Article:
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From its Parthenon-esque entrance to the misty tangerine walls to the most elaborately decorated boxes and circles, the Lyceum Theatre is a feast for the eyes. Holding a mammoth 2,000 people, this former ballroom was restored in the 1990s as a venue that only seems worthy of the most extravagant musical productions.
Sitting in the cheap seats at the Lyceum may cost you more than you think – you may stumble upon the ghost of a woman allegedly haunting the theatre, who holds a head in her lap! The head is believed to belong to a one-time landowner of the land the Lyceum was built on, since he was beheaded.
The site of the Lyceum has actually been used for theatres longer than the street it’s currently on – Wellington Street – has existed.
The Lyceum was the site of the first London exhibition of waxworks by Madame Tussaud in 1802.
The theatre was converted into a cinema in 1937 with over £12,000 invested. However the owners, not realising distribution rights were required, were forced to convert it back to a theatre after just one screening.
The Lyceum Theatre proved resilient in the 20th century, standing in the destruction path of two separate redevelopment projects. In 1939, the theatre was set to be demolished and replaced by a block of flats and then a roundabout. However, the outbreak of World War II halted these roadworks. Again in 1968, a proposed Covent Garden expansion almost saw the Lyceum knocked down with several other theatres, but was saved thanks to a protest campaign.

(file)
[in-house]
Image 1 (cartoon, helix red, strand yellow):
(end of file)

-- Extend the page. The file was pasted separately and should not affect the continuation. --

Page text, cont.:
The Lyceum was one of the first theatres to be lit with gas (instead of candles). It was also the first theatre to hang a balcony over the circle seats.
In the 19th century, the Lyceum Theatre was home to the "Sublime Society of Beef Steaks" whose two dozen members met on a weekly basis to eat steak and be merry.
Bram Stoker worked as business manager of the theatre for a number of years in the 19th century. His most famous novel Dracula was inspired by Henry Irving, an articulate actor who performed at and managed the Lyceum for many years.
The history of the Lyceum Theatre is as diverse as it is epic. From its early 18th century days as a gallery to its spells as a circus and a chapel, it settled into theatre life in 1809 when the Drury Lane Theatre Company dropped in. Still, it took a few more years as ‘The English Opera House’ before it burned down in 1830 and rebranded itself as the 'New Theatre Royal, Lyceum', experimenting with English operas for a while before winning praise for its dramatized Dickens stories.
Perhaps the Lyceum’s principal historical figure was Sir Henry Irving, the first knighted actor, who managed the theatre during its biggest boom years with his sell-out productions of Hamlet, The Merchant of Venice and the enormously popular Faust, which saw six ticket applications for every seat. Unfortunately, Irving’s Lyceum run ended abruptly with a fire. But the new building (despite some dabbling in variety shows by new managers) returned to its dramatic roots and introduced seasonal pantomimes.
For much of the second half of the 20th century, the Lyceum was anything but a theatre; it went through a period as the ‘Lyceum Ballroom’ and a premium concert venue that hosted rock stars Led Zeppelin, Queen and U2. Its future looked troubling when it was abandoned in the ‘80s, but thankfully was bought up and refurbished in 1996 as a big-scale musical venue with a raised ceiling and new orchestra pit. Opening with Jesus Christ Superstar and then Oklahoma!, it has been part of the ‘Circle of Life’ since 1999 with the stage adaptation of Disney’s The Lion King.